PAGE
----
By the time we arrived in Chengdu, we were exhausted. We'd been traveling for weeks, and the only real break we'd had was the time we spent on Ko Phi Phi in Thailand. (I know, poor us!) I felt bad for letting our great experiences wear me out, but there is such a thing as too much of a good thing. Especially if that good thing involves a lot of overnight trains and communicating in hand gestures. So when we found ourselves staying in a cozy hostel equipped with a dvd lending library and a bar, it's not surprising that we succumbed to spending a day lounging in the garden reading and drinking Tsingtao.
Luckily, Chengdu is a great city to be lazy in. First, you have as your example the laziest creature on earth, the Giant Panda, which can be viewed up close and personal at the Chengdu Panda Base, a research and breeding center. You do have to get up pretty early to catch these guys at their morning feeding, however, as it's the only time of the day that they begin to approach frisky: the rest of the day they are napping, so they can digest their fibrous feed.
Second, one of the central features of Sichuanese society is the teahouse. While you can find these pleasant enclaves all over China, Chengdu is particularly well-known for them. I was especially fond of the many outdoor teahouses, like this riverside establishment. The best part is that once you select the kind of tea you want and hand over some cash, you are presented with a giant thermos of hot water and left to lounge with your effectively bottomless drink for as long as you like. Greg and I played hand after hand of cards, read our books, and dozed in the warm, hazy sun. Every teahouse has its own vibe, whether it is quiet and relaxed like this one, or full of chatter and the clatter of mahjong tiles.
Lastly, if you are feeling sort of sedentary, you can make up for it with some culinary adventures, thanks to the Sichuan pepper. Sichuan pepper, was, until recently, actually illegal to import to the US, so I was totally unprepared for it, despite having read descriptions and tasted a mild version of the tiny red-hulled seeds. The best way I can describe the experience of eating Sichuan peppers (or, more accurately, their husks) is that it is like having a mouthful of bees: your mouth actually vibrates with the fuzzy numbness of the peppers' heat and anesthetic properties. I made the mistake of putting four of the little berries in my mouth at the same time and biting down, after which I had to sit very still for several minutes for fear of vomiting because of the intensity of the sensation. It felt like an electric current was running through my mouth.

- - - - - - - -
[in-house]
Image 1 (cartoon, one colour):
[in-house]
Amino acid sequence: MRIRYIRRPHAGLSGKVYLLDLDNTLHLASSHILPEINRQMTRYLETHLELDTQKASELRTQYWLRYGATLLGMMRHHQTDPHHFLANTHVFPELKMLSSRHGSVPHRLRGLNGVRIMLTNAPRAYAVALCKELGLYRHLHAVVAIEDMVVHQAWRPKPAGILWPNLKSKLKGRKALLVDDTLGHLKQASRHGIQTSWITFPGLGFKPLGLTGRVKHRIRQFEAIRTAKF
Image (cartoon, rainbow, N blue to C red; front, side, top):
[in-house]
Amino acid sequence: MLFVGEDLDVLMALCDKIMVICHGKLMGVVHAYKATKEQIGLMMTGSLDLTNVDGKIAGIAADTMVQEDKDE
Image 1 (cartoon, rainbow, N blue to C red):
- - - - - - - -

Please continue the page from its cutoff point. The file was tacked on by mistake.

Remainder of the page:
If you are smart, however, and eat your Sichuan peppers as they are served, in a mixture with other foods, rather than popping them in your mouth like candy, the buzzing sensation is quite mild and pleasant, and is accompanied by a woody, herbal flavor that melds nicely with chilies. In our first couple meals in Chengdu, we had Sichuan peppers in two very famous Sichuan dishes: hot pot and mapo tofu.
We had our mapo tofu at Chen's, an establishment that apparently dates from the mid-1800's. We tried to order several other tofu dishes there too, but they seemed to be out of most of the things we had considered, so we hurriedly picked out some replacement dishes. We ended up with these (slightly overdone but still addictive) deep-fried cakes served with sweetened condensed milk, and this thick-sauced chicken served over crisped rice. The mapo tofu itself had all the elements of a fantastic comfort food, particularly if you find spiciness to be comforting. It is oily, smooth, and a little mushy, sort of like a pudding or a porridge, exactly the sort of thing you'd crave when you had a head cold.
Hot pot is a popular dish with many variations, and while its history is murky, Sichuan province often comes up in discussions of hot pot, so I was excited to try it in Chengdu. We saw hot pot variations all over northern China, from the "Mongolian" style we tried in Beijing, to restaurants in Xi'an where trays of ingredients on skewers were presented buffet-style and your bill is calculated by the number of skewers littering your table at the end of the meal.
In Chengdu, hot pot broth is liberally stocked with peppers, both Sichuan and chili, and the ingredients are as varied as your imagination. In addition to the flavorful broth, you get a dish of soy dipping sauce, which you can doctor with garlic, sugar, and other additives. We ordered a variety of vegetables, lamb and beef, and (after a brief argument with the waitress) duck intestines. The duck intestines, by the way, had a nice snappy texture, and tasted more like chicken than duck to me &mdash although they were, of course, smothered in numbing, burning spices.